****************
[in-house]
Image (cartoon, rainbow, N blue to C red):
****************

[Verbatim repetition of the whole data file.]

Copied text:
[in-house]
Image (cartoon, rainbow, N blue to C red):